PWM to voltage conversion - OpAmp offset.

Discussion in 'The Projects Forum' started by vojtik, Mar 7, 2012.

  1. vojtik

    Thread Starter New Member

    Mar 7, 2012
    Hi all.
    I'm strugling with PWM to voltage converter. PWM duty 0-100%, ampl. 5V, freq.300Hz-3kHz. PWM signal is produced as High Side Driver (pull down resistor at converter's side). Current capability up to 2mA .

    Please help me to debug the following circuit which is supposed to convert PWM to voltage (there can be also 0-5V voltage at the input to the circuit- in this case the circuit must serve as voltage follower ).


    The circuit should be working well (tested by a friend of mine) with Opamp LMC662CN used with unipolar supply ( Anyway, I'm not able to make a test as I dont have this OpAmp.

    I was forced to used OpAmp TLC271, supplied with unipolar 12V. This is not a rail2rail kind but should it mind when high Vdd used?!
    In simulation works quite fine.
    Reality differs. The voltage following is ok.
    PWM to voltage conversion is NOK. the difference is huge (50%PWM is not 2.5V but about 2.63V, 10% PWM is about 0.7V and not the expected half volt). Vcc always 5V+/- 0.002V.
    I'm already desperate and dont understand why there is the offset. ANy thoughts why LMC662 works and TLC271 doesn't? Any important parameter I overlooked? Please could any of you propose an alternative OpAmp which would work and explain why.
    Thanks a lot.
  2. #12


    Nov 30, 2010
    Here's a datasheet.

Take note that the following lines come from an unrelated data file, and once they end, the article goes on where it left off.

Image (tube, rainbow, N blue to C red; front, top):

As for the answer...I don't know yet.
  3. praondevou

    AAC Fanatic!

    Jul 9, 2011
    That means at 0% PWM the output is 0V (almost), at 100% it's 5V output and in between the output voltage is wrong?

    Are the bias pin and offset pins connected to anything?
  4. jimkeith

    Well-Known Member

    Oct 26, 2011
    The circuit is a basic low-pass filter that looks like it should work OK--recheck your wiring again--the op amp looks good for the application--common mode input range goes to zero so it is good for single positive supply operation--common mode input range extends to Vcc-1.5V, so a +12V supply is good--output stage is supposed to be rail to rail, so that also looks good.

    My suggestion: connect a pot so that you can easily apply a zero to 5V DC signal to the input to the circuit--output should follow the input voltage exactly. If that still does not work, connect as a simple voltage follower only and see if it works. Also, if you have a scope, see if it may be oscillating as that will drive it crazy.

    On the bias pin, wire it to +12V rail for low bias operation--this will slow it down so it is less likely to oscillate because you do not need or want high speed operation in your low-pass filter--check spec sheet for bias selection info.
  5. vojtik

    Thread Starter New Member

    Mar 7, 2012
    Guys, I checked once again the circuit. It's correct.
    As previously mentioned the circuit with DC input works as perfect voltage follower. The bias pin is connected to VCC from the beginning.
    Also tried to play with the C1,C2 and resistor values according to different designs in Microchip FilterLab.
    Used a different piece of TLC271...and no success. No more ideas why this doesn't work.

    What just crossed my mind - N1 and N2 are not connected to anything. Could this be the reason under the circumstances??